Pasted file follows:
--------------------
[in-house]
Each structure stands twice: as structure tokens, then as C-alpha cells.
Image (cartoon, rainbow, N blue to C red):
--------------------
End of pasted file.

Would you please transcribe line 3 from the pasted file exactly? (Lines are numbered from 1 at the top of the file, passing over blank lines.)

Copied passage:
Image (cartoon, rainbow, N blue to C red):